Surrender and Psychiatry
Harry M. Tiebout M.D. was an American psychiatrist who promoted the Alcoholics Anonymous approach to the public, patients and fellow professionals. He was president of the National Council on Alcoholism from 1951-1953.
In 1939, Tiebout received a pre-publication copy of the book, Alcoholics Anonymous. After looking it over, he gave it to one of his patients, Marty Mann. She had been in treatment for over a year but seemed no closer to conquering her alcohol problem than when she arrived, so he considered her a good test of whether the book had value. At first she read the book eagerly, delighted to know for the first time that there was a name (alcoholism) for what ailed her. However, she was soon repelled by what she saw as the overbearingly religious message and told Tiebout that she could never accept it. Tiebout, according to Mann's biographers Sally and David Brown, quietly encouraged her to keep reading. Eventually taking the book to heart, she had an epiphany during a crisis of resentment and fury and was converted.
Other references, also based on Mann's recollections, portray Tiebout's role a little differently. They describe an ongoing verbal battle lasting several months, in which Tiebout refused to accept Marty's rejection of the book. In the end, Mann did become an active member of AA and within a few years made education about alcoholism, and promotion of alcohol-abuse treatment, her second career. With Tiebout's support, she founded the National Council on Alcoholism (NCA).
Tiebout also became a friend and supporter of AA founder Bill Wilson, providing personal psychiatric care when Wilson developed depression in the 1940s. It was largely through Tiebout's influence that Bill Wilson was invited to speak at a New York state medical society meeting and then at a meeting of the American Psychiatric Association, and had his talk published in the American Journal of Psychiatry.
Howard J. Clinebell, in a book for clergy on alcoholism counseling, recalled that Tiebout "likened the 'runaway symptom' of alcoholism to the dangerously high fever of pneumonia. The fever is a symptom of the underlying infection, but unless it can be lowered, the person may die of the 'symptom"." Psychiatrists, Tiebout felt, had been ineffectual because they ignored the deadly symptom in an attempt to treat a (theoretical) underlying disease. He credited AA with an ability to target the symptom directly.
Tiebout described the alcoholic personality as:
-An unconscious need or drive to dominate
-A prevailing negative, hostile feeling-tone
-A capacity for ecstatic peaks
-A sense of loneliness and isolation
-Feelings of inferiority and superiority which exist simultaneously in the individual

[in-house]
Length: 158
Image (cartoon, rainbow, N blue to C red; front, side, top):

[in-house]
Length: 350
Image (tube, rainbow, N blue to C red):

-A striving for perfection
He said "Since the alcoholic's sense of self-discipline has not been developed at this point, his natural reaction is to reject all discipline. He now cannot face the realities of his existence. This would indicate that the whole point of treatment is to get the alcoholic to face and accept his limitations and capacities."
Tiebout was consistent in his belief that the acceptance of alcoholism as a disease was essential, but this belief was partially practical. In his experience, chronic alcoholics did not take the steps necessary to recover unless they became conscious of themselves as people with a disease.
Tiebout's view was that the old ego should be eliminated entirely and replaced with a new one through "surrender". Conversion, surrender, confession, restitution and the necessity of helping others were ideas brought from the Oxford Group to Alcoholics Anonymous by members who had found that the intense spiritual devotion they inspired was the key to a changed life. Tiebout understood the concepts in a more secular way, and approved of them.
Tiebout had found that superficial compliance in therapy often correlated with lack of real change, and he saw in the AA concept of surrender an antidote to this phenomenon. An act of surrender was the only cure, or practically the only one, to the problem of "compliance", or partial surrender to the psychiatrist's authority and the authority of the reality principle. Tiebout described true surrender as "an unconscious event, not willed by the patient even if he or she should desire to do so. It can occur only when an individual with certain traits in his or her unconscious mind becomes involved in a certain set of circumstances," essentially the circumstances of "hitting bottom".
Conversion, for Tiebout, was a spiritual awakening made possible by the person's recognition of his own egocentricity. The central effect of Alcoholics Anonymous was "to develop in the person a spiritual state which will serve as a direct neutralizing force upon the egocentric elements in the character of the alcoholic." A "vague, groping, skeptical intellectual belief" would not accomplish this but only a true emotional spiritual feeling, for "unless the individual attains in the course of time a sense of the reality and the nearness of a Greater Power, his egocentric nature will reassert itself with undiminished intensity, and drinking will again enter into the picture."
(With a lot of thanks to Wikipedia references)